Bacterial Gastroenteritis (Child)

Front view of boy showing digestive tract.

Your child has bacterial gastroenteritis. This is an infection in the intestinal tract caused by bacteria. This can be more serious than what is called the “stomach flu,” which is caused by a virus. The bacterial infection is causing diarrhea. Diarrhea is the passing of loose, watery stools that are different than your child's normal pattern of bowel movements.

Your child may also have these symptoms:

  • Belly pain and cramping

  • Nausea and vomiting

  • Fever and chills

  • Bloody stools

  • Headache

The main danger from this illness is dehydration. This is the loss of too much water and minerals from the body. When this occurs, your child's body fluids must be replaced. This can be done by giving your child oral rehydration solution. Oral rehydration solution is available at pharmacies and most grocery stores.

Antibiotics are sometimes used to treat this type of infection.

Home care

Follow all instructions given by your child’s healthcare provider.

If giving medicines to your child:

  • Don’t give over-the-counter diarrhea medicines unless your child’s healthcare provider tells you to.

  • If antibiotics were prescribed, make sure your child takes them every day until they are finished. Don’t stop giving them if your child feels better. Antibiotics must be taken as a full course. However, do not take antibiotics unless recommended by your provider. In some bases of bacterial gastroenteritis, antibiotics can cause other problems.

  • You can use acetaminophen or ibuprofen to control pain and fever. Or, you can use other medicine as prescribed.

  • Don’t give aspirin to anyone under 18 years of age who has a fever. This may cause liver damage and a life-threatening condition called Reye syndrome.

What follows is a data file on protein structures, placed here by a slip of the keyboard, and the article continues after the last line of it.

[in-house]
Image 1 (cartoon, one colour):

To prevent the spread of illness:

  • Remember that washing with soap and water and using alcohol-based sanitizers is the best way to prevent the spread of infection. Wash your hands before and after caring for your sick child.

  • Clean the toilet after each use.

  • Keep your child out of day care until your child's healthcare provider says it's OK.

  • Teach your child to wash his or her hands after using the toilet and before meals. This is very important if your child is in day care.

  • Wash your hands before and after preparing food. Keep in mind that people with diarrhea or vomiting should not prepare food for others.

  • Wash your hands after using cutting boards, countertops, and knives that have been in contact with raw food.

  • Keep uncooked meats away from cooked and ready-to-eat foods.

  • Use a food thermometer when cooking. Cook poultry to at least 165°F (74°C). Cook ground meat (beef, veal, pork, lamb) to at least 160°F (71°C). Cook fresh beef veal, lamb, and pork to at least 145°F (63°C).

  • Don't serve raw or undercooked eggs (poached or sunny side up), poultry, meat, or unpasteurized milk and juices to your child.

  • Don't eat foods prepared with unpasteurized milk.

Giving liquids and food

The main goal while treating vomiting or diarrhea is to prevent dehydration. This is done by giving your child small amounts of liquids often.

  • Keep in mind that liquids are more important than food right now. Give small amounts of liquids at a time, especially if your child is having stomach cramps or vomiting.

  • For diarrhea: If you are giving milk to your child and the diarrhea is not going away, stop the milk. In some cases, milk can make diarrhea worse. If that happens, use oral rehydration solution instead. Don't give apple juice, soda, sports drinks, or other sweetened drinks. Drinks with sugar can make diarrhea worse.